Schenectady Police Reform Collaborative releases survey



SCHENECTADY — The city’s Police Reform and Reinvention Collaborative announced Wednesday that a survey to gather public feedback on police reform is now available, as the city pushes forward with a plan due to be submitted to the state by April 1.

The survey, which people can take anonymously, can be found on the Schenectady Police Department’s website and on social media platforms. City officials said the survey will be available until Feb. 15.

“We encourage everyone in the community to take this survey,” Mayor Gary R. McCarthy said. “Your responses will help create a written plan to better serve our city’s diverse community, strengthen trust and legitimacy, and address disparities that exist in communities of color.”

The John Finn Institute for Public Safety in Albany will be collecting and analyzing the survey responses and submitting a statistical report to the city.

The Schenectady police survey: Schenectady Police Reform and Reinvention Collaborative Community Survey

The survey asks respondents about their thoughts on whether the Schenectady Police Department has a good relationship with the community, whether there’s a perception of bias by police, whether the public thinks the department is open to change, and about attitudes toward community policing.

Those who take the survey are also being asked how well they think the department handles internal discipline, and how they feel about police officers in schools. It also seeks opinions on whether initiatives like more police-community meetings would be helpful in improving relations.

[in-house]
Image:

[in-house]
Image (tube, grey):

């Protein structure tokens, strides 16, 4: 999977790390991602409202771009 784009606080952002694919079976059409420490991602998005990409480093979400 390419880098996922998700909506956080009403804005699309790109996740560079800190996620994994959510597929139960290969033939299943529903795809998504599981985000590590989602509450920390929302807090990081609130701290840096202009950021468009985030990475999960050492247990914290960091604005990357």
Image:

The collaborative has been working since last summer to develop a draft police reform and reinvention plan pursuant to Gov. Andrew M. Cuomo’s order that all municipal law enforcement agencies conduct reform reviews in the wake of last summer’s Black Lives Matter protests against systemic racism, especially within police agencies.

The goal, according to the collaborative, is  to “foster trust, fairness, and legitimacy, and … address any racial bias and disproportionate policing of communities of color.”

Already, the police department has formed a panel of community members to meet with potential new police recruits as part of the Schenectady Police Department hiring process. Cuomo singled that idea out for praise during one of his recent State of the State addresses.

The city already has a Civilian Police Reform Board that can review civilian complaints about police conduct. Members of that board recommended to the City Council last week that they be given additional investigative powers, including the ability to review evidence like officer-worn body camera footage.

Whatever draft plan the Police Reform and Reinvention Collaborative comes up with will be subject to City Council review and approval before being submitted to the state.

The Schenectady police survey: Schenectady Police Reform and Reinvention Collaborative Community Survey

Categories: News, Schenectady County

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